“Hell on Earth” album explores philosophy

By Erika Heck and By Erika Heck

“Hell on Earth,” by a music trio consisting of Sandro Miller, John Malkovich and Eric Alexandrakis is the political-post-apocalyptic Halloween soundtrack of 2017. According to Music Promotion, the album is a sequel to a project of theirs called “Allegory of the Cave.” The website says the album is “a continuation of that story, leaving the synthetic to now contemplate words from Aristotle and Plato, after humanity has been wiped out.”

    I did not listen to “Allegory of the Cave,” but as a standalone album, this current work holds its own considering the relevance the words of the two philosophers to present day reality.

    The beginning of the album gave me a sci-fi feeling while I listened, with the trio’s use of synthesizer and what I thought were the sounds of technological sound effects like computer beeps and sirens. There are no lyrics until around the middle of the album so that only sounds allow you to create your own visualization of what is unfolding in the post-apocalyptic world.

    The album contains four different “skepsises,” terms which can broadly be defined as “a skeptical outlook or attitudes.” The four skepsises are subtitled: “Migration,” “The Order of the Universe,” “The Disorder of the Universe” and “Entropy.” The words of Aristotle and Plato are interwoven with one another to create a form of spoken word that range from well-known clichés, “The more you know, the more you don’t know,” Aristotle, to sayings that were unfamiliar to me “No one is a friend who does not live in return,” Plato.

    The quotes by the two philosophers touch on subjects such as education, democracy, happiness, personhood, mental stability, love and friendship, life and death, the environment and justice. All of these issues are relevant to our human lives in the present day, whether it be in our everyday social interactions or in the presence of social, economic and political discourses.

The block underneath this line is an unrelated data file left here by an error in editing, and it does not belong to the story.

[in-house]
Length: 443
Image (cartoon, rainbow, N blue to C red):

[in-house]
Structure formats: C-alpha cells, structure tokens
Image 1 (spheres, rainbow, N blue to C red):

All three skepsises have the technological tones to them, but in between “Skepsis 3” and “Skepsis 4,” the pace of the music gets quicker and the prominent sound of pianos appears into the two tracks’ transition.

    After “Skepsis 4” there’s a “Repurification,” a track filled with nothing but natural water sounds, like rain, crashing waves and dripping caves. Originally, I thought of dripping faucets before I thought of caves, but that was the beauty of being able to visualize the sounds and words of the album on my own — I could connect it to relevant things in my everyday life, though the overall album theme is post-apocalyptic.

    The final track at the end, “Electrorganic,” is a spoken word story about “citizens in chains” and the world they live in around them. The vocalist uses voice distorter to give an omnipresent vibe to the story being told.

    At ten tracks and a total of 23 minutes, the album is a good shower listen. It would also make for good background music or a good listen for any kind of Halloween party. The album can be found on iTunes.